More than words: Expressed and revealed preferences of top college graduates entering teaching in Argentina (with M. Alfonso & A. Santiago)

Comparative Education Review, 2017, Vol. 61, No. 3, 581-606

School systems are trying to attract top college graduates into teaching, but we know little about what dissuades this group from entering the profession. We provided college graduates who applied to a selective alternative pathway into teaching in Argentina with information on what their working conditions and pay would be if they were admitted into the program. Then we observed whether they reported that they wanted to go into teaching and whether they did so. We found that individuals who received information about working conditions or pay were more likely to report that they no longer wanted to pursue their application to the alternative pathway but no more likely to drop out of the program’s selection process. This could be due to prominence effects. Students with higher GPAs were more likely to drop out if they received information on working conditions but not if they received information on pay.

The barking dog that bites: Test score volatility and school rankings in Punjab, Pakistan (with F. Barrera-Osorio)

International Journal of Educational Development, 2016, Vol. 49, pp. 31-54

This paper is the first to explore the implications oftest score volatility for school accountability policies in a lower-middle-income country. Using two new datasets from the province of Punjab, Pakistan, we find that rankings based on school-level averages of students’ test scores fluctuate considerably from one year to the next due to factors unrelated to school quality. First, most variation in test scores is within, not between schools, allowing noise to play a large part in determining school rankings. Second, variation in school test scores is partially attributable to fluctuations in the characteristics of student cohorts. Third, an even larger share is explained by one-time shocks. Fourth, these problems are more pronounced in small schools. As a result, rankings that rely on test score levels or changes often fail to identify top-performing or rapidly improving schools, since they are influenced by factors beyond schools’ control.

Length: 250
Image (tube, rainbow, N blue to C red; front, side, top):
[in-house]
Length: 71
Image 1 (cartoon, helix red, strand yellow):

Improving educational outcomes in developing countries: Lessons from rigorous evaluations (with R. J. Murnane)

Review of Educational Research, 2016, Vol. 86, No. 3, pp. 719-755

In this article, we reviewed and interpreted the evidence from 223 rigorous impact evaluations of educational initiatives conducted in 56 low- and middle-income countries. We considered for inclusion in our review all studies in recent syntheses that have reached seemingly conflicting conclusions about which interventions improve educational outcomes. We grouped interventions based on their theory of action. We derived four lessons from the studies we review. First, reducing the costs of going to school and expanding schooling options increase attendance and attainment, but do not consistently increase student achievement. Second, providing information about school quality, developmentally appropriate parenting practices, and the economic returns to schooling affects the actions of parents and the achievement of children and adolescents. Third, more or better resources improve student achievement only if they result in changes in children’s daily experiences at school. Fourth, well-designed incentives increase teacher effort and student achievement from very low levels, but low-skilled teachers need specific guidance to reach minimally acceptable levels of instruction.

Why do some school-based management reforms survive while others are reversed? The cases of Honduras and Guatemala

International Journal of Educational Development, 2016, Vol. 47, pp. 33-46

In the 1990s, El Salvador, Nicaragua, Guatemala, and Honduras enacted school-based management (SBM) reforms that allowed communities to make key decisions about their schools that were previously reserved for state-appointed officials. Yet, these reforms have recently begun to slide back. What explains this trend toward reform reversal? This paper argues that two factors determine the likelihood of the reversal of an SBM program: the scope of the reform and the level of national investment in it. Using the cases of Honduras and Guatemala, I contend these two factors determine the extent to which an SBM reform is vulnerable to events that can bring about its termination, such as changes in government, union strength, or parental pressure.